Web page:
Cl. 3: $\lnot b,e$ & 3 & 3 & 3 & $e$ & \cmark & 3 & \cmark & \cmark \\ \hline
Cl. 4: $\lnot b,\lnot e$ & 4 & 4 & 4 & $\lnot e$ & $\{\}$ \xmark & 4 & \cmark & \cmark \\ \hline
Cl. 5: $b,f$ & 5 & 5 & 5 & \cmark & \cmark & 5 & $f$ & \cmark \\ \hline
Cl. 6: $b,\lnot f$ & 6 & 6 & 6 & \cmark & \cmark & 6 & $\lnot f$ & $\{\}$ \xmark \\ \hline
\textcolor{gray}{Cl. 7: $\lnot b$} & - & - & - & - & learned $\lnot b$ & 7 & \cmark & \cmark \\ \hline \hline
BCP & - & - & - & $e$ & - & $\lnot b$ & $f$ & - \\ \hline
PL & $\lnot a$ & $c$ & - & - & - & - & - & - \\ \hline
Decision & - & - & $b$ & - & - & - & - & UNSAT \\ \hline
\end{tabular}}
Ad 5:
\begin{center}
\begin{tikzpicture}[->,>=stealth',shorten >=1pt,auto,node distance=1.5cm,
thick,base node/.style={circle,draw,minimum size=20pt}, real node/.style={double,circle,draw,minimum size=20pt}]
\node[base node] (1) {$b$};
\node[base node] (2) [above right of=1] {$e$};
\node[base node] (3) [below right of=1] {$\lnot e$};
\node[base node] (4) [above right of=3] {$\bot$};
\path[]
(1) edge [] node {$3$} (2)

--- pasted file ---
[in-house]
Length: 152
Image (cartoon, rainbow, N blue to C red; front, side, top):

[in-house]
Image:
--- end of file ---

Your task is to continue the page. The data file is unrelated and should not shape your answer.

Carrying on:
edge [] node {$4$} (3)
(2) edge [] node {} (4)
(3) edge [] node {} (4);
\end{tikzpicture}
\end{center}
\begin{prooftree}
\AxiomC{$3. \; \lnot b \lor e$}
\AxiomC{$4. \; \lnot b \lor \lnot e$}
\BinaryInfC{$\lnot b$}
\end{prooftree}
Ad 8:
\begin{center}
\begin{tikzpicture}[->,>=stealth',shorten >=1pt,auto,node distance=1.5cm,
thick,base node/.style={circle,draw,minimum size=20pt}, real node/.style={double,circle,draw,minimum size=20pt}]
\node (0) {};
\node[base node] (1) [right of=0] {$\lnot b$};
\node[base node] (2) [above right of=1] {$f$};
\node[base node] (3) [below right of=1] {$\lnot f$};
\node[base node] (4) [above right of=3] {$\bot$};
\path[]
(0) edge [] node {$7$} (1)
(1) edge [] node {$5$} (2)
edge [] node {$6$} (3)
(2) edge [] node {} (4)
(3) edge [] node {} (4);
\end{tikzpicture}
\end{center}
\begin{prooftree}
\AxiomC{$5. \; b \lor f$}
\AxiomC{$6. \; b \lor \lnot f$}
\BinaryInfC{$b$}
\AxiomC{$7. \; \lnot b$}
\BinaryInfC{$\bot$}
\end{prooftree}

12
3_sat_solvers_dpll/0011.tex

@ -0,0 +1,12 @@
\item \lect Use the DPLL algorithm with conflict-driven clause learning to determine whether or not the set of clauses given is satisfiable. Decide variables in alphabetical order starting with the \textit{negative} phase. For conflicts, draw conflict graphs after the end of the table, and add the learned clause to the table.\\